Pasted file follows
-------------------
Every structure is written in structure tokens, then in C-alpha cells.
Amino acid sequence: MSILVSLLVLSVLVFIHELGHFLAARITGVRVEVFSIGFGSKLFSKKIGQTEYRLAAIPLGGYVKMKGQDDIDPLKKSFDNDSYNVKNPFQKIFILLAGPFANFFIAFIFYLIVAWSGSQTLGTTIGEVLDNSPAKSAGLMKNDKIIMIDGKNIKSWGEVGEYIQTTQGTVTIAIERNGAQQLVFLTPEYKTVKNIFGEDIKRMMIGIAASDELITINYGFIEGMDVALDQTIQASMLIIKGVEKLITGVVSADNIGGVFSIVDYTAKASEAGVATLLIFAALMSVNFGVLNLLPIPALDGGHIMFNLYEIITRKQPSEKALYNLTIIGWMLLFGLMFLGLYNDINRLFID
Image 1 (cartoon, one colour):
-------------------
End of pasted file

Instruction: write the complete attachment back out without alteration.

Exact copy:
Every structure is written in structure tokens, then in C-alpha cells.
Amino acid sequence: MSILVSLLVLSVLVFIHELGHFLAARITGVRVEVFSIGFGSKLFSKKIGQTEYRLAAIPLGGYVKMKGQDDIDPLKKSFDNDSYNVKNPFQKIFILLAGPFANFFIAFIFYLIVAWSGSQTLGTTIGEVLDNSPAKSAGLMKNDKIIMIDGKNIKSWGEVGEYIQTTQGTVTIAIERNGAQQLVFLTPEYKTVKNIFGEDIKRMMIGIAASDELITINYGFIEGMDVALDQTIQASMLIIKGVEKLITGVVSADNIGGVFSIVDYTAKASEAGVATLLIFAALMSVNFGVLNLLPIPALDGGHIMFNLYEIITRKQPSEKALYNLTIIGWMLLFGLMFLGLYNDINRLFID
Image 1 (cartoon, one colour):